Our Tampines Hub (OTH)

The design typology for Our Tampines Hub (OTH), the model of an integrated hub, is uncommon and unprecedented in Singapore. More than a dozen governmental stakeholders, providing more than 30 community, sports, cultural, civic and lifestyle facilities, are brought together for a common social goal of enhancing the daily lives of the Tampines community.

The design of OTH allows for the exploration of the new concept of intensification, optimisation and integration, bringing together multiple agencies to transform the original site of the single-use stadium and sports hall into a wider array of not only enhanced sports facilities, but also a host of additional ones such as town square (dual-use as a FIFA football pitch) a regional library, a hawker centre, performing arts theatre, a myriad of community activity spaces, arts and dance studios, F&B, lifestyle shops and more.

OTH is envisioned as a highly collaborative effort between various agencies, stakeholders, grassroots organisations and most importantly, the residents. From day one, the decision was made that the wider community had to be engaged and participate in the design process. That triggered a whole array of extensive and intensive community-related engagement activities—from newsletters to social media channels, roadshows, focus group discussions, workshops, block parties and floor parties. These engagements of different scales, which are still ongoing, helped shape the design process and influenced numerous design approaches and outcomes. As such a level of engagement has rarely been seen in Singapore, it was a refreshing experience for the architect to empower the community to shape their environment. This aligns well with the ambition to make the project a truly community-owned one that is for and by the residents of Tampines.

Besides generating high social value, OTH also offers an opportunity to explore a distinctive paradigm of integration, as one of Singapore’s first integrated community and lifestyle hubs, in this scale and magnitude. This typology also allows stakeholders to explore fresh ways to co-locate, co-share and collaborate synergistically in hardware and software, ultimately aiming to serve residents better.

Strategically located at the heart of Tampines Town Centre, well served by major vehicular and pedestrian arteries, OTH is designed to sensitively respond to the surrounding context—from form and massing, to how it relates and integrates surrounding networks of nodes and modes of connectivity. Seen as a part of a larger Tampines heartland, OTH is planned to weave in prevailing networks, to further enhance connectivity that is not only efficient, but highly experiential for the Tampines community. As an epicentre of community, sports, culture and recreation, OTH is poised to be an integral part of the new residential fabric that forms a key everyday destination for the enjoyment of Tampines residents from all walks of life, regardless of age and interests.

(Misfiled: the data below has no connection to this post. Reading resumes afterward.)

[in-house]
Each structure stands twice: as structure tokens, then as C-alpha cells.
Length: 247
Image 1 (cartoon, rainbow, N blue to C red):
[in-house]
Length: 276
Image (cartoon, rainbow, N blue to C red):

In planning and design outlook, OTH has been distinctively and strategically designed and expressed in interlocking programmatic volumes, challenging conventional organisation of facilities by silos, to further promote wider integration and synergy in hardware and software. Evident in the expression of OTH is also a highly porous ground floor imbued with community programmes with elevated streetscapes weaving various clusters in various materials and textures, adding interest and presence. OTH will also feature a characteristic sheltered community pedestrian street that runs eastwards and westwards through the heart of the hub, connecting the residents from Tampines Central to and fro the Central Park, bringing further bustle and lease of life to the Tampines locale.

Further enhancing softer aspects of the hub, OTH is also conceived as a large and integrated green infrastructure, designed sustainably with green in look and in heart. Extensive green walls, accessible sky terraces and rooftop gardens are designed for leisure and enjoyment, as well as eco-community farming. In addition, besides utilising solar PV roof to harness renewable energy sources, latest techniques such as wormeries and food waste recycling technologies like eco-digestors will also be introduced and showcased in the development to cultivate greater environmental consciousness. All of these features in OTH aim to develop a self-sustaining and holistic ecosystem of active and sustainable living, with an ecological mindset of reducing carbon footprint and impact to our environment.

Key organisation principles of interlocking clusters are expressed in OTH to provide a clear manifestation of the dynamic nature of the development. Each of the clusters are expressed differently in materiality and textures. The community cluster is expressed in pockets of volumes of spaces enclosed in aluminium cladding in solid and dichroic panels with windows that encourages visibility to the activities in these spaces and breaks the boundaries between the Community Club/Library and residents.